After Mr. Bolton’s public falling-out with Mr. Trump, the former ambassador wrote a detailed book about his time working for the president, describing his behavior as “obstruction of justice as a way of life” and depicting Mr. Trump as endlessly transactional. When Mr. Trump could not persuade a federal judge to block the book’s publication, he threatened Mr. Bolton on Twitter.
Mr. Trump’s comments on Saturday were in his prepared remarks, rather than being off the cuff. His aides seemed pleased with the inherently sinister tone. The remarks were quickly packaged and pinned atop his campaign’s “War Room” Twitter page, and “I am your retribution,” in all capital letters, was turned into the subject line of a fund-raising email.
Mr. Trump’s speech was laced with allusions to Gov. Ron DeSantis of Florida, so far the chief threat to his winning another nomination. He referred, for instance, to “some in our party” who have been open to cutbacks in Social Security. “I wonder who that might be,” Mr. Trump mocked.
Casting himself as a “warrior” was another reminder that Mr. Trump is generally determined to let no one — including a Florida governor fresh off clashes with Disney and the College Board — evince more strength than the former president in warring with the left and its perceived allies.
Facing investigations in two states and in two cases overseen by the Justice Department, Mr. Trump repeatedly insisted that the judicial system should not be trusted, holding himself and his supporters up as the true arbiters of justice. Mr. Trump said the same day that he would not exit the presidential race if he were indicted.
Mr. Bolton pointed to another part of Mr. Trump’s speech: “This is it. Either they win or we win. And if they win, we no longer have a country.”
“I think that’s also a signal that he’s not going to accept a second defeat, the same way he didn’t accept the first defeat,” Mr. Bolton said of Mr. Trump’s election lies. Mr. Bolton suggested Mr. Trump’s efforts to stay in power were not a well-oiled plan, but a series of day-to-day impulses he was acting on. But what Mr. Trump is saying now, Mr. Bolton said, is different.
In essence, Mr. Bolton said, the former president is “pretty much calling for something close to civil insurrection.”
Mick Mulvaney, who served as Mr. Trump’s acting chief of staff, saw the speech in terms of its potential to turn off general-election voters who rejected the former president in 2020.
“It’s a great line for his hard-core supporters,” said Mr. Mulvaney, who attended a recent donor retreat hosted by Mr. DeSantis. “But he just lost another two points with suburban women in the Midwest.”
Planning is already underway for 2025 should Mr. Trump win the White House again. Advisers have discussed reimposing a Trump-era executive order, known as Schedule F, that would give the president vast power to replace what have traditionally been civil service workers embedded across the federal bureaucracy.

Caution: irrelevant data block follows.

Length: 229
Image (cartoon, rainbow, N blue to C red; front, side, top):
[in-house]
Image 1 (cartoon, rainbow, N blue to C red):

Mr. Trump alluded to those efforts on Saturday.
“I will totally obliterate the deep state,” he said, “I will fire …” he went on, before being interrupted by applause and “U.S.A.! U.S.A.!” chants. “I will fire the unelected bureaucrats and shadow forces who have weaponized our justice system like it has never been weaponized before.”
Mr. Trump has for decades sought to play the role of victim and vowed vengeance on those who cross him, beginning in 1973 with the first Justice Department investigation into what it said were his family business’s racially discriminatory housing practices, a case he eventually settled. He cried foul in August when the F.B.I. searched his private club, Mar-a-Lago, for classified documents that he had not turned over despite a grand jury subpoena. And he has railed against that investigation and the state inquiries in New York and Georgia, denouncing both prosecutors in those states — who are Black — as “racist” for looking into him.
Jason Stanley, a Yale professor who wrote the book “How Fascism Works: The Politics of Us and Them,” said the danger in undermining trust in the rule of law was that it left little alternative to overthrowing or overturning the system itself.
“This is the final battle,” Mr. Trump said on Saturday. “They know it, I know it, you know it, everybody knows it.”
Dr. Stanley said that such language was all the more notable given the context of Jan. 6. “He’s saying it’s a war,” he said. “There is not law versus chaos, there is just him versus his enemies, your enemies.”
He addedbluntly, “Trump engages in fascist rhetoric.”
Last month, Hugh Hewitt, the conservative radio host, asked Mr. Trump directly if he would “use the powers of the presidency to punish people who punished you.”
“No, I wouldn’t do that,” Mr. Trump said, before indulging the topic further. “I would be entitled to a revenge tour, if you want to know the truth,” he said, “but I wouldn’t do that.”
Demanding unconditional loyalty — and promising retaliation if he doesn’t get it — has been so much a fixture of his career that former employees at his company often say the public still doesn’t fully understand what he is capable of.
“If given the opportunity, I will get even with some people that were disloyal to me,” Mr. Trump told Charlie Rose in a November 1992 interview about those who had crossed him during his recent financial struggles.
One dissident member of a board he dealt with, Mr. Trump said, was finally removed “after being hit over the head with a cannon.”
“What was the cannon?” Mr. Rose asked.
“The cannon,” Mr. Trump replied, “was me.”